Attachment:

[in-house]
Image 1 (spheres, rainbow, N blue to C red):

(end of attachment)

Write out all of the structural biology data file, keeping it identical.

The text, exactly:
[in-house]
Image 1 (spheres, rainbow, N blue to C red):